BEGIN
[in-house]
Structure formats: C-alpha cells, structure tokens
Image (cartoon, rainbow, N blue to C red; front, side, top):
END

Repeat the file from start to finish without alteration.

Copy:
[in-house]
Structure formats: C-alpha cells, structure tokens
Image (cartoon, rainbow, N blue to C red; front, side, top):